Catherine Crump is an attorney with the American Civil Liberties Union. She litigates cases on many issues, from challenges to invasive government surveillance programs, to protecting the right to engage in political protest, to suing police officers for excessive force. Current cases include constitutional challenges to the government’s authority to engage in suspicionless searches of laptops at the international border and to its assertion that it can track the location of cell phones without a warrant.
On Friday, the ACLU of Delaware filed a brief with the Delaware Supreme Court arguing that law enforcement agents should not be permitted to attach a GPS device to a car without getting a search warrant.
Last week, The Washington Post reported that six women, all former law clerks and legal externs, have accused federal appeals court Judge Alex Kozinski of “inappropriate sexual conduct or comments,” with allegations that included showing them pornography and suggesting that they exercise naked.
Across California, young people in the juvenile justice system are routinely tracked 24/7 with GPS ankle monitors that are often touted as “better than jail.” That’s too low a standard for a technology used on children.
Palo Alto lawmakers have proposed legislation granting the community greater control over police surveillance — including the Police Department’s purchase and use of equipment such as drones, license plate readers and social media monitoring software. Palo Alto and 10 other cities around the country that have proposed similar laws are part of a movement to bring the community and elected representatives into decisions by local police to acquire such powerful and invasive surveillance technologies. We all should urge our own elected representatives to take similar steps.
After months of consideration, the San Francisco Police Commission approved rules Wednesday for use of the latest innovation sweeping law enforcement nationwide — police body-worn cameras. Toney Chaplin, San Francisco’s acting police chief, had announced on his first full day in the job last month that deploying body cameras was his top priority.
"Catherine Crump, a law professor at the University of California-Berkeley, found that horrifying. “Our social media profiles contain sensitive, private information. The circumstances under which police access those profiles raise important public policy questions that should be decided in a transparent public process, not by police departments acting on their own and certainly not by individual officers make it up as they go along,” she said by email. “Police departments should have written policies explaining when they will go undercover to access our social media profiles.
"“If you install a private corporation’s microphone-enabled device in your house, you should count on the fact that third parties may well access the information these devices detect,” Catherine Crump, co-director of the Berkeley Center for Law & Technology, said in an email.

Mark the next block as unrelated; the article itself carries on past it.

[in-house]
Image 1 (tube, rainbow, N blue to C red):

"“We learned that the monitors may be setting kids up for failure,” said Catherine Crump, director of the Samuelson Law, Technology & Public Policy Clinic at Berkeley Law, which partnered with the East Bay Community Law Center to produce the report. “The terms are too onerous, kids are monitored for too long, and the rules are arbitrarily enforced.”"
""People in one county didn't even know what the county next door's policies were," said Catherine Crump, an assistant clinical professor at the UC Berkeley School of Law."
"On the other side of the argument, Catherine Crump, acting director of Samuelson Law for the Berkeley School of Law, focused her argument on the dangers of providing a backdoor to any device to the government and expect it to only be used by the “good guys.”
She drew a parallel between handing the FBI a second master key to iPhones and recent worldwide WannaCry ransomware attack, which was launched using leaked National Security Agency (NSA) exploits.
CIS Non-Residential Fellow Catherine Crump will be presenting at the Center for Information Technology Policy at Princeton University.
DARC is a multidisciplinary conference about Unmanned Aerial Vehicles (UAVs) and drones—with an emphasis on civilian applications.
Attendees will take part in a far-ranging exploration of these technologies and see firsthand the latest advancements in aerial robotics. In addition to looking at the cultural impact, legal challenges, and business potential, we’ll also examine specific applications for drones including: agriculture, policing, wildlife conservation, weather, mapping, logistics, and more.
Jonathan Adler, a professor at Case Western University School of Law, and Catherine Crump, Professor at Berkeley Law School, discuss whether or not police departments can collect and store vast amounts of data collected from license plate readers. They speak with Greg Stohr on Bloomberg Radio’s "Bloomberg Law." Bob Moon and Karen Moscow discuss the days top legal stories.